Blue Pincushion

Blue Pincushion









Blue Pincushion   Brunonia australis

The Blue Pincushion is an attractive flowering herb which is widespread throughout Australia except on the tropical north coast. It grows in open forest and heathland and will tolerate many soils and aspects. It flowers in late spring and can be seen in many parts of the Mornington Peninsula. If you take the walk from Seawinds to Waterfall Gully you will see it growing beside the track. It is unusual in that it is the only species in the genus and family. It was first described scientifically by Robert Brown, the Scottish botanist who came into Port Phillip Bay with Matthew Flinders in January 1804 and climbed Arthur’s Seat. It likes moist well-drained soil. Often short-lived in cultivation, it makes an excellent container plant. Treat it as an annual and collect seeds to replant. It is one of my favourite wildflowers so I wrote this ode to celebrate it!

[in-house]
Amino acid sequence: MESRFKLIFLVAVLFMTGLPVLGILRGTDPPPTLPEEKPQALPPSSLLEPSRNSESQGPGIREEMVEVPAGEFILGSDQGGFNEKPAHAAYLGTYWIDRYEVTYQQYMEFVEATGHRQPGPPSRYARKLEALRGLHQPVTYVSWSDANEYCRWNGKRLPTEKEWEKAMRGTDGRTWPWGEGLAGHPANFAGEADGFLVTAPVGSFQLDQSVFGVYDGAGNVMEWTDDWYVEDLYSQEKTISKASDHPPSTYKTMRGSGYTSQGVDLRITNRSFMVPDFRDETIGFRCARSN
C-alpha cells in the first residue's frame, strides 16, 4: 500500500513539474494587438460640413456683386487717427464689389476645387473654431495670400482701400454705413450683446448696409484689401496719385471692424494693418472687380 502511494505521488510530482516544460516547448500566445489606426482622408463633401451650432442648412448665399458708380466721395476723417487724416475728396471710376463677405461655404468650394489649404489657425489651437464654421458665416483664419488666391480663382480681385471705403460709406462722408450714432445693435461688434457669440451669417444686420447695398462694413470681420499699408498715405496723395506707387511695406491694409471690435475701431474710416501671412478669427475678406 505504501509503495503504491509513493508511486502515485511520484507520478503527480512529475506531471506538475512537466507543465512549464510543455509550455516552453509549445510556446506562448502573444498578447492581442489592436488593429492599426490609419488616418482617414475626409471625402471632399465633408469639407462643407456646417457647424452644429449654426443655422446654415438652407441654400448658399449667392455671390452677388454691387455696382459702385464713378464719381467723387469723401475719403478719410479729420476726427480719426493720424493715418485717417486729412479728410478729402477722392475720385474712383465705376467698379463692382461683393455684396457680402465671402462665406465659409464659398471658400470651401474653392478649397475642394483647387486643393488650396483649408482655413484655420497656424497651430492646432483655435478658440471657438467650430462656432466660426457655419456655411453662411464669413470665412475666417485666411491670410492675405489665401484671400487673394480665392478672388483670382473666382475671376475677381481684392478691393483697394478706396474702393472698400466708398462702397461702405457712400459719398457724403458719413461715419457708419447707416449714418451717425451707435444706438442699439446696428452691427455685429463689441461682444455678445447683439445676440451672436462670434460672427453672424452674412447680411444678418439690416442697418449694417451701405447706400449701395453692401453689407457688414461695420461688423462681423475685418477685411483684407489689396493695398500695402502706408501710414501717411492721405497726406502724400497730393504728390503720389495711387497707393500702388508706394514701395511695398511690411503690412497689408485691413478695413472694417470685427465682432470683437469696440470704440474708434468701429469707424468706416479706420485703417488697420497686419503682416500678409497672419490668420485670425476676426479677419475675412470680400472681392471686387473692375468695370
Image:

Basal rosettes of hairy leaves, oblanceolate

Sage-green and silky, pushing through wiry grass

In comely clusters near the upland path,

Promising sea-blue snatches for a summer day.

Sessile flower heads come to bloom on slender stem,

Massed tiny tubes all whorled with villous bracts.

And five fine stamens, which extend

Like pins from a pin pad, hoping to attract

The zealot bees who hover round.

Brunonia australis, named for Robert Brown

The quiet Scot. He clambered from Port Phillip shore

recording specimens never scribed before.

A Linnaean exercise in scholarly power

Enhancing the complex beauty of the flower.



oblanceolate : like a lance, with narrow end at base of leaf

sessile: stalkless

bract: modified leaf at base of flower stalk

villous: covered with long soft hairs

Janet Limb